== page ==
Some economists argue for diversity in the way collective resources are managed rather than an unquestioning faith in leaving things to the market. We support this thinking and looked at how ethics and Māori knowledge can be used equally alongside economics in managing collective Māori assets.
We argue that simple measures of collective well-being used alongside mainstream economics are robust enough to help us make collective decisions. Our team developed a Māori knowledge and ethics based decision-making framework for collective assets. This framework is being tested and refined using three case studies with our iwi/hapū partners.
Develop an interface between Māori values and financial measures that will form the basis of a new economic decision-making framework for collective assets,
Work with the commercial arms of iwi/hapū to help integrate indigenous corporate responsibility into a new collective decision-making framework, and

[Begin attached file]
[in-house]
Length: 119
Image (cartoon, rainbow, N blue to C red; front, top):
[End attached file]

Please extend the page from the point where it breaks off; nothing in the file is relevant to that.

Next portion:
Apply Māori values in investment decisions for collective assets.
A step-by-step process was used to discuss and evaluate investment scenarios utilising NZFARM and Māori cultural values. The tikanga Māori decision framework and its components is an example of a Māori evaluation process. Unique to this framework is the integration of Māori concepts (e.g. kaitiakitanga, whakatipu rawa, and manaakitanga) within a Māori collective asset management paradigm. There is potential to refine this framework and its components and further develop it for use by other iwi/hapū throughout Aotearoa. Our tikanga Māori decision framework can help managers of collective assets make progress towards outcomes that reflect equality of distribution, and mitigate or improve the social and environmental domains that are the receptors of the externalities created by our economic activities. Successful uptake of the framework would require a paradigm shift away from a business as usual approach. The challenge for Māori resource management is to use this type of framework to assess new investment opportunities alongside traditional business analyses such as cost-benefit or return on equity.